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Are you worried about the fortress of bones and want to minimize the risk of fractures? Then buy a subscription to the gym! New research shows that vitamin supplements (even with the maximum amount of calcium and a healthy dose of vitamin D for better digestion), most likely, can not prevent the age-related decrease in bone density. But sports can – and this is great news.
What is wrong with calcium in supplements
Alex Krist, a leading USPSTF specialist, noted in a recent interview with JAMA that every year adults and elderly people receive about two million fractures, including hip fractures that significantly reduce motor activity and even reduce it to nothing. He adds that “more than half of them then need help in their daily activities, and 20-30% die within a year after the fracture.” That’s why with age, it’s so important to pay as much attention to strengthening bones. And that’s why it is equally important to understand what means really work here, and which ones only pretend.
New case studies, writes Popular Science, show that although calcium and vitamin D supplements do indeed have a positive effect, they are ineffective in low doses. As for higher dosages, at the moment scientists do not have enough evidence to say that this can and should be done. For example, the reason that excessive calcium intake probably increases the risk of kidney stones. Plus, experiments show that large doses of calcium in supplements can lead to an increase in its quantity within the arteries and, as a consequence, increase the risk of cardiovascular diseases.
Calcium or sports – who is cooler?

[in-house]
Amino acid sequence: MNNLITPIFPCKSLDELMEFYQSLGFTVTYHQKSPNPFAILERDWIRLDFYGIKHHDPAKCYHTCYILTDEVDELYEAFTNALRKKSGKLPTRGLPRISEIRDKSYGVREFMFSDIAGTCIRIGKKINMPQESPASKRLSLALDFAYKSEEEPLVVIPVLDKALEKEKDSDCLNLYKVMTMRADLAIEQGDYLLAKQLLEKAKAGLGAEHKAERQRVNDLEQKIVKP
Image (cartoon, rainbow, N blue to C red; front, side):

Numerous studies on calcium and bones eventually showed that there may be at least one thing that works better than calcium – physical activity. Despite the fact that the sample was not so large, scientists managed to prove that sport as part of a lifestyle reduces the risk of fractures, even for those who fall quite often.
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In an accompanying article to the recommendations proposed by the USPSTF, the Los Angeles geriatrician David Reuben notes that the problem with additives may also be that people do not accept them with sufficient regularity. He points to the research data, noting that in one of the key experiments, if you look only at people who took at least 80% of the supplements, there was a reduction in hip fractures by a decent 29%.
Which of the following is the conclusion? If you are not at high risk of osteoporosis, do not worry about vitamins. All scientific evidence suggests that they are unlikely to get any benefit unless you have a diagnosis of a deficiency of a vitamin. But with an excess, as is clear from the above, there is a risk of encountering an additional set of problems. At the same time, exercise, it will not be easy yoga, dancing or exercise machines, in any case will benefit. And, not only for bones, but also for mood and health in general.